This time, Clark and I held her in supporting embrace as she spoke and sobbed out the agony, pain and fear she'd felt through all of this. And, as with Clark previously, we were there to listen, to grieve and to support her when she most needed our strength.

And, then, it was my turn.

I told them of watching in horror as where my lover Selina had just been standing a scant moment before erupted into the fires of a Hell I had all too intimate knowledge of.

Then, to my surprise, I found myself speaking at length of the fears that gripped me, of the time when I was no longer part of the JLA, of the NML, the Cataclysm, Jason's death, and most shocking of all to me, of my own parents' deaths. I told Clark and Diana things that I'd only told to Alfred and Leslie - and then I told them things I'd never told ANYONE, ever. To my own surprise, *I* started to cry, and just as I had for Clark and Diana before, two pairs of strong arms surrounded and supported me as I shook with tears I should have shed long ago.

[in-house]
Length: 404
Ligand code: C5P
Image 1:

When I was done, the three of us were curled on the floor, as we had been before, close, and supportive. My head was pillowed on Diana's shoulder; Clark had a companionable hand on my shoulder and was also nearby. I remember feeling a light, warm feeling of that elusive thing called peace, and then I realized something as I was in that state of serenity.

I realized that sharing that burden of grief with Clark and Diana didn't lessen my dedication to justice one inch. I was still as dedicated as I had always been to my one-man battle for justice. But, the pain I'd lived with for more than 25 years was now strengthened to a resolve that made my battle even more worthwhile to me. And, by aiding my friends in moving on after their respective traumatic experiences, I'd helped to make our friendship together that much more strong.